Thursday, October 9, 2014

Seeking identity, ‘Hong Kong people’ look to city, not state


OCTOBER 9, 2014

HONG KONG — If there is one phrase that has come to define the protests that have swept across Hong Kong in the past week-and-a-half, appearing on handwritten billboards and T-shirts and heard in rally speeches and on radio shows, it is this: Hong Kong people.

“I wouldn’t say I reject my identity as Chinese, because I’ve never felt Chinese in the first place,” said Mr Yeung Hoi-kiu, 20, who sat in the protest zone at the government offices. “The younger generations don’t think they’re Chinese.”

More than 90 per cent of Hong Kong residents are ethnically Chinese. However, ask them how they see themselves in the national sense and many will say Hongkonger first — or even Asian or world citizen — before mentioning China.

The issue of identity is one that the Chinese Communist Party has grappled with since Britain turned over control of this global financial capital to China 17 years ago. But what the student-led protests show is that Beijing’s efforts have backfired, helping to turn the issue into an occasionally explosive problem as members of an entire generation act on their sense of alienation from China and its values.

Officials in Beijing began recognising the problem years ago and tried in 2012 to impose a patriotic education curriculum in schools. By then, it was too late. Mr Yeung and his peers saw the move as China mounting another assault on Hong Kong, a city of 7.2 million. They took to the streets in a prelude to the movement known as the Umbrella Revolution, the biggest challenge to the party’s authority in years.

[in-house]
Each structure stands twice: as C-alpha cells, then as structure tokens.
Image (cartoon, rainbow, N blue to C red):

There is a growing sense in Hong Kong, especially among the young, that the city is being “mainlandised”, whether through the migration of Chinese or the party’s insistence that judges must love China. Many of those who were proud to see 156 years of British colonial rule end in 1997 as Hong Kong returned to China now say they prefer to identify with the mother city rather than the motherland.

“We don’t want to associate ourselves with Communist China,” said Mr Euler Cheung, 38, as he stood one night in the main protest tent in Mong Kok, surrounded by police officers and shadowy, hostile men. “They destroyed the Chinese culture.”

The spark of the Umbrella Revolution was political: Demonstrators wanted Beijing to grant Hong Kong a free and direct election of its Chief Executive in 2017. But the passions that have driven people into the streets are rooted in the desire to preserve a distinct identity from China — in areas such as rule of law, freedom of speech and of the press, financial infrastructure, anti-corruption institutions, education, Cantonese language and Western influence.

Many of these values and institutions are derided as subversive by the Communist Party and not tolerated. It is an increasingly untenable contradiction that arises from the “one country, two systems” principle created to guide Beijing’s governance after 1997, when Hong Kong was labelled a special administrative region.

Under Chinese President Xi Jinping, many Hong Kong residents, to their alarm, witnessed the party growing more hostile to the values they embrace.

“People used to not care so much about politics and they used to not think so much of Hong Kong as home before 1997,” said Mr Dennis Kwok, 36, a Hong Kong-born lawyer and lawmaker who returned in 2000 and renounced his Canadian citizenship. “But since 1997, the younger people want to have a greater say in public affairs and they think of Hong Kong as home.”


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